Thursday, December 26, 2013

Dear Daniel

Dear Daniel,

I got to sleep last night. 8-10 hours of it. I straightened up my room. Was going to do laundry but mom has a load in the wash. Promoted Hekate Press. Promoted my backlist. Read 2 chapters. More reading than I’ve done in years. Promoted my position in a contest with three books, Gemini’s War, Letters to Daniel, and Gunpowder & Lead. Now I’m sitting down to blog.

What I want to talk about is what a nasty piece of work I can be when I’m healing from an episode. It becomes a rollercoaster of emotion as opposed to the occasional bad day where I need to just take it easy. Where the ‘by your bootstraps’ approach is bullshit. And sometimes bipolar disorder has you in its vise-like grip and yanks you up, tears you down, and whips you violently from side to side and you are left to desperately hang on for your sanity has you sleep deprivation, among everything else your chemically imbalanced body can throw at you.

At these times you are forced to other people for support. Maybe people who have as many issues as you do, just tucked away in other places. Sometimes they just aren’t in a place to give you anything. My mother and father are at the top of this list. My sisters take their cash, their time, and play on their love and concern for their grandchildren. They are selfish and take and demand anything and everything.

My parents give me a roof over my head and food to supplement my meager SNAP benefits.  That’s all they have left to give. At times like this that is a most wonderful thing. But I need comfort emotionally. I need to be tended to. Not in the clean my mess, make my meals kind of way, although, that is especially nice when you feel as fragile as I’ve felt since this last Friday when the bottom dropped out.

There are people who have really seen me through this last week and I want to thank them now. And before I launch into this, I have been having a shitty time of it. And when people say I can’t make it, this is too hard. I understand that feeling from personal experience. But I’ve always made a choice to survive the earthquake. And hang onto the tsunami of a shit storm of feelings that bombard me. Making that singular choice is not a panacea, but goes a long way as you feel your way along the dark passageways searching for a just a pinpoint of light to give you relief that a way out is possible. While some people joke about the train I choose freedom. Friendship. Good, healthy, supportive friendships are the life blood of hope. In this world I feel secure in stating I have three that have come through for me in this instance.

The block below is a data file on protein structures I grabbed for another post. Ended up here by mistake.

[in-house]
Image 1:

First up, the usual suspect. Missy Goodman. Though she had her own shit, and I mean serious shit, to deal with this holiday season, and I felt betrayed by her abandonment, it is always with the clarity of walking out of the darkness that we know just how much our friendship means to the other. We have been through hell and lived to talk about. And though this crash came at a rather inopportune time, we are proof, that if you use the tools the therapist and psychiatrist  give you, what once was a tsunami can be seen as a simple ripple in hindsight compared to the war you once fought for your sanity. And recovery becomes a matter of riding the wave until you have finally sighted the safety of shore. I am not at one hundred percent. But thanks to Missy I have managed to accomplish tasks even as I recovered. Thank you Missy for this last week and everything you do for me.

Next up, the ever stalwart, ever faithful friend, Pamela Turner. Full time writer, author, screenwriter, and blogger and wife and mother she always finds time for me, her friend. Her touch is not the gentlest, but on Christmas Day, she came over and I made breakfast for us. I kept dozing even as she was here. My mother kept scolding me awake. But Pam never complained. We talked shop, we talked about how dealing with this time of year was especially hard. She can be direct, but for this last week she has been a shoulder anyone should be proud to call friend. Being alone during times like these is hard. She is brilliant, she is the kind of friend who goes the mile and then some. She has not always been treated the best. And over the years she has entered into mine and Missy’s inner circle. She is simply fabulous. And if there was a trophy for friendship I would surely award it to her.

Finally there is Delilah Stephans. Direct without being cruel she endures my constant questions and has become a valued friend to lean on via Facebook. I trust her implicitly to keep my confidences, and I can trust her integrity in working for her at Hekate Press as Marketing Director. She took Bella Morte on the pitch of an idea. But there are countless other stories I pitched that did not grab her and she did not hesitate to say so. I took one of them to Muse. She doesn’t mind me taking books to other houses. Not that the other houses that I’m at do either. She learned a lot working for Lea at Muse, it’s where we met. I have an out clause as Marketing Director should my film/tv dreams come to fruition and I just don’t have the time for the lifting there. She understood I was feeling the burn out and depression and she had no problem with me taking a breather from the computer for awhile. She talks to me in the evening when the anxiety hits and I need to write, online.

And an honorable mentions go to Rebekah, my cousin, and Nicole. Their joy and persistence at beating this rollercoaster we’re on and plowing ahead on their books makes me feel like on the whole, that there is always hope, no matter what stage one is at in the journey.


Amy McCorkle


  1. Amy, I appreciate your honesty in your above blog.

    Susan Bernhardt

  2. No problem, I hope wherever I am in the journey it helps people to see that there is a way out even when 'riding the wave'.